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I’m really excited for this series.  Kayla Curry, author of Obsidian, has graciously agreed to come by two weeks in a row to talk about the dreaded duo: marketing and accounting.  I hope you find her posts as helpful as I have!  Check back next week for her follow up on accounting. 

Part One: Marketing

Hello! I’m Kayla Curry and I’m posting on the wonderful Jen McConnel’s blog today about taking off the author hat and putting on the marketing hat. Thanks, Jen, for having me on your Writers on Wednesday blog series!

Before I get into that, I would like to explain that I am sort of in between an Indie author and a Published author. I took the traditional route and queried publishers and eventually found Martin Sisters Publishing. They are a small publisher run by two wonderful sisters. They took on the task (and the costs associated with these tasks) of editing, formatting, designing, and publishing my book. I was very involved, but most of the hard work was on them.

Since they have done all the hard work involved in publishing my book, it is up to me to market it, which is where I fall more into the Indie author category. Marketing your book as an Indie author is a full-time job.  In today’s social media outlets you need to be relevant and to be relevant you must always be thinking of ways to market your book without being too pushy. So here are some marketing tools I’ve used and some DOs and DON’Ts associated with them.

Twitter: AKA One of the most important marketing tools out there.

  • DO tweet often.
  • DON’T tweet so much that it’s annoying.
  • DO tweet about other things besides your book.
  • DON’T get involved in Twitter Fights.
  • DO retweet other people’s promotions. (The more you retweet; the more you’ll be retweeted)
  • DO follow other authors.
  • DO use Tweet schedulers and auto tweets WISELY.
  • DON’T ONLY use schedulers (It’s called SOCIAL media because you’re supposed to be social)
  • DO Followback-unless it’s a bot or someone who obviously only tweets things irrelevant to what you do or your interests such as car wash advertisements. (Why crowd up your steam with that?) Also, if someone follows you who only tweets in a language you don’t know, don’t crowd up your stream with that either.
  • DO click on links that you RT before you RT them. Make sure you are sending people to a legit site that you can back-up yourself.

Facebook

  • DO get a page specifically for you as an author and/or for your book(s).
  • DON’T friend everyone who likes your page on your personal account.
  • DO “share” and “like” pictures, links, and other posts. Show people you care about what’s going on in their lives.
  • DO interact with as many people as possible. The more you interact with people, the more they will interact with you and the more likely they will “share” or “like” your book posts.
  • DON’T get involved with Facebook Fights.
  • DON’T expect people to “Like” your page if you don’t “Like” theirs.
  • DO post often.
  • DON’T flood people’s stream with posts.

Blogging

  • DO post often.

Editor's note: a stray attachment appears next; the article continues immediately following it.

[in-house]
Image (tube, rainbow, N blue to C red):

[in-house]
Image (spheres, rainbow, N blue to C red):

• DO post things relevant to you and your book.
  • DON’T only post things writers would like—think about what your readers would like.
  • DO promote other authors on your blog. (If you promote them, they will promote you!)
  • DO visit and comment on other blogs.
  • DO have a clean and easy to view design.

Online marketing in general

  • DO be courteous to others
  • DO interact with others.
  • DON’T insult or berate others even if they do so to you.
  • DO come up with fun and creative ideas for marketing—new marketing tactics are interesting.
  • DO reply to all messages, tweets and comments directed at you.
  • DON’T try to push your views onto others.

Sites to make sure you have accounts on:

  • Twitter
  • Facebook (You at least need an author or book page, but you can do so much more if you have a personal account too)
  • Goodreads (Get a basic account first and add your book then get an author profile)
  • Amazon (You need an account and an Author Page once your book is out)
  • Smashwords
  • Google+ (especially if you use Blogger)
  • Pinterest
  • YouTube (especially if you have a book trailer or plan to have one)
  • Kindlegraph (Once your book is on Kindle)
  • Your preferred blog provider:  Blogger  WordPress (There are others, but these are the most popular. I use Blogger because it syncs up with my Google+, my Google author website, YouTube and other tools such as the calendar.

*A note about accounts: Be consistent! Use the same profile picture and about me info so people know for sure that it’s you they have found!

Well, that’s all I have for now! There are lots of other marketing tools online, but these are the basics. Start with these and the other stuff will come naturally! Tune in again next week for another post on taking the author hat off and replacing it with the accountant hat! Thanks again, Jen!

Links to Kayla Curry and Obsidian:

Blog

Author Website

Goodreads

Twitter

Obsidian Facebook Page

Mystic Stones Series Website

Obsidian on Amazon Kindle

Obsidian All Available Formats

Goodreads Book Page

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